President Donald Trump has signed both Congressional Review Act resolutions into law, which rolled back two Obama-era regulations, the Teacher Preparation Program Rule and the Every Student Succeeds Act’s (ESSA) Accountability Rule.
NAfME Supports Repeal of Teacher Prep Rules
The first is the Teacher Preparation Program Rules related to the Higher Education Act. These regulations, at least five years in the making, required each state to issue annual ratings for teacher-prep programs within their borders. These annual ratings were to be based on measures of student growth attached to novice teachers and then connected back to the teacher preparation program they attended. However, the process by which this would occur, and how small teacher prep programs such as music education would be included, was complex, expensive, and at times confusing. In addition, the regulations were considered an example of federal overreach at a time where lawmakers have worked in a bipartisan manner to provide flexibility to states and school districts under the ESSA.
NAfME in partnership with the Association’s two higher education societies, the Society for Research in Music Education and the Society for Music Teacher Education, has been at the forefront of opposing these burdensome regulations and commends Congress and the President for quickly enacting this legislation that will rightly shift teacher preparation accountability to the responsibility of the states.
Our full statement supporting the action can be found here.
ESSA Accountability Rules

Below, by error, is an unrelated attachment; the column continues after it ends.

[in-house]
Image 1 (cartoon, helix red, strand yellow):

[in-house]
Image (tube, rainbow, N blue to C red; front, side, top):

The second set of rules repealed is the accountability and state plan regulations created by the Obama Administration under the Every Student Succeeds Act (ESSA). In August 2016, NAfME submitted comments to the Department of Education (ED), which expressed multiple concerns, particularly on the narrow definition of accountability indicators, which could unintentionally reduce student access to music and arts due to a heavy focus on tested subjects. NAfME suggested to broaden the definition and include measures “likely to increase student access to and participation in well-rounded education subject areas.” Unfortunately, this suggestion was not included in the final version of the rules. The final version of the rules did, however, offer protections for minority students, students with disabilities, and students from low-income families—all areas NAfME has and will continue to strongly support.
Earlier this month, the U.S. Department of Education issued a new set of guidelines on how states should develop their ESSA State Accountability plans without this rule. To assist music educators, NAfME has created an updated ESSA plan template using the revised guidelines to highlight opportunities for music education in ESSA state accountability plans.
Ronny Lau, Public Policy Advisor, Center for Advocacy, Policy, and Constituency Engagement, March 27, 2017. © National Association for Music Education (NAfME.org)